Datuk Dr Gopal Sreenevasan was a trailblazer in the true sense: he was one of Australia's first Colombo Plan Scholars and also pioneered urology in Malaysia.
Even as early as his student days, Dr Sreenevasan was a global pioneer for the University of Adelaide.
`Sreeny', as he was affectionately known, died earlier this year aged 87 and was regarded as Malaysia's `Father of Urology'.
He graduated from the University of Adelaide in Medicine in 1952, and was believed to be one of the first Colombo Plan scholars to graduate from an Australian university.
Developed in the years immediately after World War Two, the Colombo Plan gave thousands of students like Sreeny from less-developed countries such as Malaysia, Sri Lanka and Singapore, the opportunity to study in countries with more developed education systems such as Australia, Canada and the UK.
These students were then able to return to their home countries, which benefited from their new-found skills and knowledge, while also helping Australia engage better with its Asian neighbours.
Sreeny's medical career was nearly over before it began.
His time as a student in Australia began in 1947, under financing from his father. He travelled by boat to Perth to complete his first year of a Science degree at the University of Western Australia, and then, in 1948, he entered second-year Medicine at the University of Adelaide, residing at St Mark's College.
Just prior to undertaking fifth-year exams in October 1951, he received word that his father had unexpectedly died in Malaysia, necessitating an immediate trip home.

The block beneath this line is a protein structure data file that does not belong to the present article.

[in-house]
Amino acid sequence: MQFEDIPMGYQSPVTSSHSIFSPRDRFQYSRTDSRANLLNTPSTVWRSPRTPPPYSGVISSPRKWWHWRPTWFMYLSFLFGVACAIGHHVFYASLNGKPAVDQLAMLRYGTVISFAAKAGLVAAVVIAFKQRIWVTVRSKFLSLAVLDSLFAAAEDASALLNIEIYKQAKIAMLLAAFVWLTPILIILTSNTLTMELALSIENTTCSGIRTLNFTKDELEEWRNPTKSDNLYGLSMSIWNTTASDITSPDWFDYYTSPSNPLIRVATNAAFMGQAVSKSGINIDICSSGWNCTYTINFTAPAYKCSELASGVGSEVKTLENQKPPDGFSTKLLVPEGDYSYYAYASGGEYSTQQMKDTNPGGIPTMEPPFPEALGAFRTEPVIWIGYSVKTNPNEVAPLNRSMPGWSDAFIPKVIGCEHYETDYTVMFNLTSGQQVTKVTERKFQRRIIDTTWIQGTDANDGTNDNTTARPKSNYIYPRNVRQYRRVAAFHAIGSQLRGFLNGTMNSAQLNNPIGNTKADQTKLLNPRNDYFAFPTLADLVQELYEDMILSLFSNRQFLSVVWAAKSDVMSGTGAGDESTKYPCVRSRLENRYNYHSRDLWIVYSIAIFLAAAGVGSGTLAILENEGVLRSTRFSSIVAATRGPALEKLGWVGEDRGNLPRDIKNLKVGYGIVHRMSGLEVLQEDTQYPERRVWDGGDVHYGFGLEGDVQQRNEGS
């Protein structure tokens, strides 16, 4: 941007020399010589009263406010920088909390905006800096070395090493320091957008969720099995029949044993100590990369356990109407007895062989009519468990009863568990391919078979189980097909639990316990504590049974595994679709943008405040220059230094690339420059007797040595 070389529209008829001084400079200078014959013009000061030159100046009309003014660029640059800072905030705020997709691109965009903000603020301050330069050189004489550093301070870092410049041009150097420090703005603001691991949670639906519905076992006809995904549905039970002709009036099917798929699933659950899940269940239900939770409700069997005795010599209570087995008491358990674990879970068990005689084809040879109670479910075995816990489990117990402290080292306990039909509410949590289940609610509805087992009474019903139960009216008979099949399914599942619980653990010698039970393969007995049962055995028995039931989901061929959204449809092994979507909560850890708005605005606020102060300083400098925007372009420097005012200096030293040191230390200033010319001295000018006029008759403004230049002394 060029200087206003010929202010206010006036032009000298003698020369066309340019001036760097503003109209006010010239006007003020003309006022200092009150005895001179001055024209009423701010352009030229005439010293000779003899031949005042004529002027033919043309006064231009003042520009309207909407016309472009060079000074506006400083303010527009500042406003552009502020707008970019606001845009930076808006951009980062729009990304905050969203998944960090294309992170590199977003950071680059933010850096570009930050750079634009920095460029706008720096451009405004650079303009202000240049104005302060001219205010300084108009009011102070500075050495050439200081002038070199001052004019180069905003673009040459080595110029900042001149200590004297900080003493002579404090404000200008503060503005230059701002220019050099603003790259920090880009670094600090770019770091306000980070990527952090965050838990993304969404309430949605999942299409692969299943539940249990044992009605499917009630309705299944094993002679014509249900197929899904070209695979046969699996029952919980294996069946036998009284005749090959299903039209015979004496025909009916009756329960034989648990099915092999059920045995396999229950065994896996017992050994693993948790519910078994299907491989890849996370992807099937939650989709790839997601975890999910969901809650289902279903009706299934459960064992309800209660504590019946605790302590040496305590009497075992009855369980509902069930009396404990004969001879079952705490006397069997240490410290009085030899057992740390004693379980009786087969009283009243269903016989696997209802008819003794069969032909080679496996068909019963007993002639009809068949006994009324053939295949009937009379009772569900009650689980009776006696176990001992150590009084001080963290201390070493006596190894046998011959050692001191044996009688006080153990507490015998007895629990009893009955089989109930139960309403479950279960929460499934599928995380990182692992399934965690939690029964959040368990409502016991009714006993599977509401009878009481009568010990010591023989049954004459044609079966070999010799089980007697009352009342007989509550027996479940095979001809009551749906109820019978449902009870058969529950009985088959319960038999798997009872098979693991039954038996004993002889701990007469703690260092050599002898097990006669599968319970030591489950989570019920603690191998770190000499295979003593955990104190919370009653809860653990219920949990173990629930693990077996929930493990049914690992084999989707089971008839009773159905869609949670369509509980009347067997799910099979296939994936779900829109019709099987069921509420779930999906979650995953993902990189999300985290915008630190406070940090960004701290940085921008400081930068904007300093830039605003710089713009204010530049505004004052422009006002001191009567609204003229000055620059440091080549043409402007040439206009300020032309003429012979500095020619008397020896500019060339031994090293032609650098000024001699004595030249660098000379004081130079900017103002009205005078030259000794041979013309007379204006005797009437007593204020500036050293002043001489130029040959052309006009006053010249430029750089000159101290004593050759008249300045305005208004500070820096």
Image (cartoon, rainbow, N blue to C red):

"I remember, I got the news on a Sunday - I didn't know what to do," he told Australian Education International in 2008.
"I went to see the Master of St Mark's, Bob Lewis, who was incredibly kind. He went to the house of the immigration officer to sort out my visa. Meanwhile, his wife packed my bags for me and I flew home."
Due to financial difficulties associated with settling his father's estate, Sreeny had to remain in Malaysia and faced the prospect of being unable to return in time to properly complete his studies.
He applied - and was accepted - for re-entry at the University of Adelaide under the new Colombo Plan Scholarship, and was allowed to take his fifth-year examinations in February 1952.
After completing his internship at the Royal Perth Hospital and a stint with the Malayan Medical Service, Sreeny developed a professional interest in urology, studying further at Liverpool, Manchester and in the United States.
He returned to Australia in the 1960s to obtain his Fellowship of the Royal Australasian College of Surgeons in Urology.
His daughter, highly regarded Malaysian lawyer Dato Ambiga Sreenevasan, told a Malaysian website that setting up the Institute of Urology and Nephrology at Kuala Lumpur Hospital meant "long days and nights" for Sreeny.
From its inception in 1968 with just two male and two female beds in the third-class ward, the Institute has grown in size and stature, with more than 650 kidney transplants performed since 1975.
Sreeny retired from government service in 1974, but remained professionally active right up until his death. He held many positions of authority within Malaysia's health sector, including President of the Malaysian Medical Association and Chairman of the National Kidney Foundation of Malaysia.
Among his many honours are a Distinguished Alumni Award from the University of Adelaide in 1994, becoming a Foundation Fellow of the Academy of Sciences in Malaysia in 1995, and fellowship of the College of Surgeons in England, Scotland, Ireland, the US and Australia.
The current president of the University's Alumni Malaysia Chapter Bhd, Dr Ajeet Kaur Gill, described Sreeny as a "jovial man, full of laughter", who was devoted to his family and his work.
"He was very ethical. He wouldn't operate unless it was absolutely necessary and he did a lot of charity work, often providing free treatment for poorer people who couldn't afford to pay," she said.
"To set up a speciality in a country where previously there had been none, takes an enormous amount of hard work and perseverance. We were very fortunate in Malaysia to have him and to benefit from his expertise." ■
STORY BEN OSBORNE